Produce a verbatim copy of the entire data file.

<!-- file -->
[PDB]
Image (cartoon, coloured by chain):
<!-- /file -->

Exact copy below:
[PDB]
Image (cartoon, coloured by chain):